How to Apply for In-Home Supportive Services (IHSS)

Article
Jun. 28, 2021Updated Jan. 27, 2023

Tips for applying for IHSS infographic

Submitting the initial IHSS application involves three main components. First, find your local IHSS office. Second, submit the application and all relevant paperwork. Third, confirm with IHSS that all documentation has been received. The last step is crucial, and will need to be repeated for each set of documents you submit throughout the application process.

Before you get started, check out this advice from our Public Benefits Specialist, Lisa Concoff Kronbeck, about what to keep in mind:

Find your local IHSS office

You can apply for IHSS by phone or by submitting a paper application to your local IHSS office. If you don't know the contact information for your county's office, there is a complete list of IHSS offices on the CDSS website. For Los Angeles County, you can view your application options on the LA Department of Public Social Services IHSS website.

Submit the application and all relevant paperwork

Submitting the initial application for IHSS is a fairly straightforward process. The first step is to complete the SOC 295, the application for IHSS. Confirm with your local IHSS office your options for submitting this application by mail, phone, or fax. If you are in Los Angeles County, see this site to find submission information.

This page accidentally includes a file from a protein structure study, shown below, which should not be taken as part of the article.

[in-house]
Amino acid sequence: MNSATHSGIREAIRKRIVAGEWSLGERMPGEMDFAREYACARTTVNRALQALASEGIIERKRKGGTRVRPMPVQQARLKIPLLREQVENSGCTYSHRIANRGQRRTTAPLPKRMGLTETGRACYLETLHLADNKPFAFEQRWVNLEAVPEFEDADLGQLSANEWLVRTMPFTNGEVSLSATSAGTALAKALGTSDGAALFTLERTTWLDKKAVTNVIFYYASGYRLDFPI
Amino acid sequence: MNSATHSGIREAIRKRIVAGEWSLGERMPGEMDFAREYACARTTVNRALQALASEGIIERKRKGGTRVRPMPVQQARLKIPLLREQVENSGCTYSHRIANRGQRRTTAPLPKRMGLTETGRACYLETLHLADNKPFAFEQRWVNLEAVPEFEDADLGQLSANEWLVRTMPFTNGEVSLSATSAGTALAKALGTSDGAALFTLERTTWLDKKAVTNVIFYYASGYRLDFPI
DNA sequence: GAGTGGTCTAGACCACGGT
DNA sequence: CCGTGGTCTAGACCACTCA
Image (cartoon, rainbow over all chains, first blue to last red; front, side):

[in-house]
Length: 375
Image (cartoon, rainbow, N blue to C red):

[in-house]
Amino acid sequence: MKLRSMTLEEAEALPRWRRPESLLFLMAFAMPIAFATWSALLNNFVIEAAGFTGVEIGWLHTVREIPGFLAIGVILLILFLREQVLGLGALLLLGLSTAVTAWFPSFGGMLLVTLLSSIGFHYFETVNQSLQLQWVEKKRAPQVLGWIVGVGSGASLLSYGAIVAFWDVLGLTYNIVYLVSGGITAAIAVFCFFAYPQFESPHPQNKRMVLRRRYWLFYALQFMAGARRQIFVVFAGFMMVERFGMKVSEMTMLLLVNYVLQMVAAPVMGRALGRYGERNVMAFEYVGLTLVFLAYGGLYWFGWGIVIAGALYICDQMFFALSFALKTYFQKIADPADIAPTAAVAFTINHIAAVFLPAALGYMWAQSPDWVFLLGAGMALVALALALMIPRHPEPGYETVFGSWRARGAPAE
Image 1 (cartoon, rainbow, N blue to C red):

Make a note of the date you submit the initial application, whether on paper or by phone. This is your protected date of eligibility, and if your child is found to be eligible, payments should be made retroactively to this date. This remains true if your application is delayed; for example, if paperwork is lost and you have to resubmit or if you have to request a state hearing because your child was denied services.

The Health Care Certification Form, SOC 873, must be completed by your child’s doctor. The CDSS website says that the form must be submitted before hours can be approved, but in practice this form generally needs to be completed and submitted before IHSS will schedule your initial home visit with the case worker.

Tip: It is impermissible to deny a recipient based solely on age without assessing their specific need for services, and there is no such thing as a “denial by telephone.” When a family tells us, “I tried to apply by phone, and the agent denied me,” what that really means is that the agent talked the family out of applying and thereby denied them the opportunity to appeal. If you call to apply and the agent tells you that they don’t provide services to young children because you have a parental responsibility to care for your child, politely let them know that you’d like to proceed with the application anyway. If they tell you that you will be denied because your child is too young, tell them that you’d like to submit the application and receive a formal denial in writing. To learn more about applying for IHSS for a child under five years old, check out the recording of this information session with our Public Benefits Specialist.